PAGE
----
11 Mar 2014 (Tue) 6 ‑ 7:30pm (1 hour 30 minutes)
55 Renfrew Road, Kowloon Tong, Hong Kong
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Since the Sixties, artists producing work of a transient nature (perhaps made for a specific site, for a limited duration or from perishable materials) have made use of various recording instruments in order to document their practice and give it a form of continued existence. To this end, the camera has been widely and successfully deployed, but has also caused questions to be raised about photography as a reliable source of evidence – not just in connection with works of art, but in a broader context.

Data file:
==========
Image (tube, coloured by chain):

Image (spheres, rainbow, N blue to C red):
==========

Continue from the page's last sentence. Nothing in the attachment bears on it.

In addressing this issue, Prof. Hilliard has sought to conduct a critical interrogation of photography as a representational medium, but also to disclose and celebrate its specificity. Many of its perceived failings (blurred or unfocused images, for example) might equally be considered as unique assets. Indeed, through a catalogue of errors one may yet arrive at one’s correct destination.

About Prof. Hilliard
Prof. John Hilliard was born in Lancaster, U.K., and studied sculpture at St. Martin’s School of Art, London. He has a strong exhibition record at major galleries and museums nationally and internationally. His works are collected by the Tate and were exhibited in Modern Art Oxford, Documenta in Kassel, etc. He has taught at many art schools and universities in Britain and Europe including visiting professor positions at the Rijksakademie, Amsterdam and the Stadelschule, Frankfurt. He was a Professor of Fine Art and Director of Graduate Studies at the Slade School of Fine Art, UCL until 2010. He is an Emeritus Professor of Fine Art at University College London.

Free admission, conducted in English